Tech stocks have been severely underwater over the past two months this year, even though the fundamentals behind many of the names really haven’t really changed that much. We believe that the tech sell-off is overdone, and that two sectors – Cyber Security and Cloud Computing – will be the dominant themes for 2019.
Analysts out there have their own views of why the latest selloff has happened. In this post, we’ll take a closer look at differing analyst views to find out if investing in Cyber and Cloud makes sense for 2019.
So, what really happened to tech stocks over the last few months? Well…one view is that the trade wars heated up. This belief holds that the Sino-US tensions resulted in doing damage to tech names, including those in the Cyber Security and Cloud Computing sector. Let’s look at this view a bit closely.
To do that, we’ll take Microsoft (MSFT) as an example. One estimate has the tech giant, who has made giant strides into cloud computing, earning about 10% of its revenue from China. On the other hand, former MSFT CEO Steve Ballmer indicates that for every 100 companies that use MSFT products, only 1 pays for them! According to Mr. Ballmer, MSFT has a 90% saturation among Chinese corporations – so the IP theft is actually taking a huge bite out of MSFT potential China-related revenue. That would imply that the tariff wars should (theoretically) have had a material impact on the company’s share price.
But as we look at a 1-year chart above, MSFT shares are up over 15% since late 2017. Most of the other major players in Cloud and Cybersecurity have fared equally well, if not better! So, the view that the trade wars are solely to blame for the equity market collapse doesn’t hold water. Still, holding a broad basket of individual and ETF cloud-computing and cyber security names in a portfolio, over a 1-year period, would have yielded an enviable 10% return to investors.
Other analysts look at the rout in the tech space and take a different view of the underlying cause. This camp believes that the “tech wreck” is merely a manifestation of the malaise that we see in the broader economy. The fact that major indices (even non-tech-heavy ones) are down lends credibility to this alternate view.
Let’s for a minute assume that the “tech wreck” didn’t happen. Obviously, we can’t roll back the clocks to make it so. But if we “erased” the destruction from the last two months (Nov and Dec), and went back to see how the markets would have looked on Oct 31, 2018, we’d see a whole different picture.
Taking MSFT as our example again, our holdings in the name would have been 25% higher than from the start of the year. That same portfolio of cyber security and cloud computing names would have yielded us +23.5% return (versus +15% just 2-months later). This reasoning leads us to believe that, despite the spiraling downturn in tech names broadly, specific sectors like Cyber and Cloud will have a big turnaround in 2019 – once the trade war cools off.
The turnaround portfolio
Technologies such as Software as a Service (SaaS), Data as a Service (DaaS) and the Internet of Things (IoT) have just started taking off over the last few years. Along with Microsoft Azure and Amazon Web Services, many other players (including International Business Machines (IBM), Oracle Corporation (ORCL) and Salesforce.Com (CRM)) offer cloud products, services and solutions globally. And all that data and infrastructure needs protecting!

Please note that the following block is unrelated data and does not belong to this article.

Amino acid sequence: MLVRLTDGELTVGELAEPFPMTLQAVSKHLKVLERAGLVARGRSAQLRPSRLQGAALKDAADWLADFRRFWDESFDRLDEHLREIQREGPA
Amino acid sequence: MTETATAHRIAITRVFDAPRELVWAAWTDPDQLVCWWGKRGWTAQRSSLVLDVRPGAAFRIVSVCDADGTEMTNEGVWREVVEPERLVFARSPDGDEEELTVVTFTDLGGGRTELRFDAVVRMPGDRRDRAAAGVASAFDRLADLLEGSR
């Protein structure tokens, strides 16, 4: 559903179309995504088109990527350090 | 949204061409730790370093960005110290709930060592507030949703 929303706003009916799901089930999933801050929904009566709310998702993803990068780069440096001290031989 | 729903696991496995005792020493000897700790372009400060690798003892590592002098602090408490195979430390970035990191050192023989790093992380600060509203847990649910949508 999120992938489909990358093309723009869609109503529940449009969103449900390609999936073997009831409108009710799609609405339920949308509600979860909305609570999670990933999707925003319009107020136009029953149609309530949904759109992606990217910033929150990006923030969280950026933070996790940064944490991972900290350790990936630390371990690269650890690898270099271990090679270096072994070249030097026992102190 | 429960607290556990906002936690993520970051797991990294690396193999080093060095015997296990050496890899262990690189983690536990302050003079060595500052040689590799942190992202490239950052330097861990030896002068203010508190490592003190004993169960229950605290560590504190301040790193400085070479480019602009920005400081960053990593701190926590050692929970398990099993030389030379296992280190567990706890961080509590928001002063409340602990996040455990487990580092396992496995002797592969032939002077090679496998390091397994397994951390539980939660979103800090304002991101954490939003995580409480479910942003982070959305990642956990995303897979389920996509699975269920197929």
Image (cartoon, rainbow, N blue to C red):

Research firm Gartner believes that the size of public cloud service revenue is set to explode from $186.4B in 2018 to $221B, $260B and 302B in 2019, 2020 and 2021 respectively. That suggests a nearly 18.5% average increase over the next three years. So, what of the prospects of cybersecurity companies? What do they stand to gain from the explosive growth in cloud computing?
One recent report on the future of cyber security suggests that this market is expected to grow from $153B in 2018 to $248B by 2023. That’s a compounded annual growth of over 10%. All the companies on our list are set to participate in the significant growth in the twin sectors of Cyber and Cloud.
Clouds of China-U.S. trade tensions are bound to blow away sooner rather than later, perhaps in the early part of 2019. China appears to already taking some steps to address the most pressing of those issues – IP theft. China has also announced a reduction of tariffs on U.S-manufactured cars. And there are reports that China has agreed to import more soybeans from the U.S. Clearly, the temperatures in the trade wars seem to be cooling down.
So, what would our “ideal” 2019 Cyber and Cloud portfolio look like?
If we whittled down our list of names to just seven of the better-performing stocks from the broader list, that would still have given us a 19% plus return. We’d still have market leaders in the Cyber world (like SPLK, VMW and FTNT) and giants in the Cloud world (AMZN, MSFT and CRM). We’d even have cloud/cyber infrastructure players like CSCO in the portfolio.
If you are someone that’s concerned about owning individual names, or worried about what trading fees could do to portfolio returns, then perhaps the ETF route might be the way to go. Both HACK and SKYY contain a broader basket of cloud and cyber players, including many of the names proposed here. With Management Expense Ratios (MERs) of 0.60% each, they aren’t that expensive to own, and will add significant tech diversification to any 2019 portfolio.
Author does not have investment in stock discussed in this article.